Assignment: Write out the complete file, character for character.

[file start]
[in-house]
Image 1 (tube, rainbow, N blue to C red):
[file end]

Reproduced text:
[in-house]
Image 1 (tube, rainbow, N blue to C red):